The Pyramidal Orchids are now in flower here at Radipole Lake. I counted twenty plants on my walk this morning and I am sure more will appear in the next week or two. They can easily be seen after the kingfisher gate, about 50 paces on the left hand side of the path on the way down to the North Hide.
Elsewhere on the reserve, the hedgerows are beginning to change to the yellow and pinks of summer wild flowers. The Greater Willowherb is starting to bloom in the wetter parts of the reserve. This plant can grow up to 1.8 m tall. Near the Pyramidal Orchids is a stand of Perforate St John's Wort with its large yellow flowers.
Over at the Discovery Centre there were two Little Egrets on the island and five Grey Herons nearby. Over at the North Hide, the Marsh Harriers, Peregrine, Kestrel and Hobby have been seen. The Bearded Tits have been seen by the Discovery Centre more frequently in recent days.
The Brown Bee Orchid is still attracting visitors on the reserve. The very last flowers at the top of the spike are now in bloom. The photos below were taken this morning.
Join us for a guided mini beast hunt followed by a bring your own picnic by the lake. Suitable for children of all ages, accompanied by an adult. at 11:30am Thursday; 28th July, 4th,11th and 18th August.
Booking essential - cost £3 per child or £e per child if RSPB member
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I went out on the reserve this afternoon to check on the progress of the first Brown Bee Orchid to make its appearance this year. Another flower was in bloom. The plant had clearly had many visitors since I first found it as the area had been trampled and some 'gardening' had taken place. I searched the hedgerow counting the Bee Orchids and found the second Brown Bee only six feet (1.8 metres) away from the first.
In the vicinity of the Brown Bee Orchids I found five more typical Bee Orchids. Photos I took this afternoon of a couple of the best specimens are below:
Elsewhere on the reserve spring is giving way to summer. The honeysuckle and meadowsweet are starting to bloom in the hedgerows. I like to take the time to stop for a moment, smell and enjoy the deliciously scented flowers.
On the way to the office to write this very blog I found a Common Broomrape Orobanche minoron on the edge of the car park near the Discovery Centre. I had been looking for this plant on the reserve these past couple of weeks, so I was very pleased to find one. The Common Broomrape is a parasitic plant which does not have any chlorophyll. The stems are normally brown, the flowers have a papery-look and are lilac veined. Broomrape needs a host plant to survive and obtain the nutrients it requires to grow. The preferred hosts in this case is the red clover but the plants have been known to use members of the pea family as hosts.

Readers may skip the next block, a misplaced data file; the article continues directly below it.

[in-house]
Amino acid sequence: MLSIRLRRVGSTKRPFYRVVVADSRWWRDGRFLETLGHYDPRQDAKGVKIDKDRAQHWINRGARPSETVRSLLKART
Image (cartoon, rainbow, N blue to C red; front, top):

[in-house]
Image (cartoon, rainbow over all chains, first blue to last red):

For locations of the Bee Orchids and the Common Broomrape, pop into the Discovery Centre or phone on 01305 778313. You can be sure of a warm welcome. With a heat wave predicted next week, the Centre will have ice cream and cool drinks available.
This morning when I visited the Discovery Centre there had been reports of typical Bee Orchids around the reserve but none as yet of the Brown Bee Orchid. I am pleased to report that I did found our Brown Bee Orchid on my wildflower wander. The photos below were taken this afternoon. There are currently two flowers with more to come. I will be coming back next week to check on its flowers. So far I have only found one plant but there could be more. In the past two or three have been recorded. Contact the Discovery Centre for further information and for the location on the reserve.
Below are photos of other Bee Orchids on the reserve. The photo on the left does not qualify as a Brown Bee but some of the yellow makings are missing. The photo on the right is the typical Bee Orchid. All together I found 9 Bee Orchids around the reserve.
Other sightings today include 29 Southern Marsh Orchids with two near the viewing shelter. In the hedgerows there is now Hedge Woundwort which can be mistaken for an orchid but is in fact a member of the Lamiaceae, the Dead-Nettle family.
Butterflies seen today include Holly Blue, which stayed long enough for me to take the photo below, Brimstone, Small Tortoiseshell and Speckled Wood butterflies. A Scarlet Tiger Moth was also seen but did not want to settle for a photo shoot.